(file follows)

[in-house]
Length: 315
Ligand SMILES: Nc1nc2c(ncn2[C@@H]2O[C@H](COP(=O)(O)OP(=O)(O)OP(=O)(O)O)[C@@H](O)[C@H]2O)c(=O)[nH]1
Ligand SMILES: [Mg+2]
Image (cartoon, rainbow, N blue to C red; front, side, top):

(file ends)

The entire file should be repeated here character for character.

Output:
[in-house]
Length: 315
Ligand SMILES: Nc1nc2c(ncn2[C@@H]2O[C@H](COP(=O)(O)OP(=O)(O)OP(=O)(O)O)[C@@H](O)[C@H]2O)c(=O)[nH]1
Ligand SMILES: [Mg+2]
Image (cartoon, rainbow, N blue to C red; front, side, top):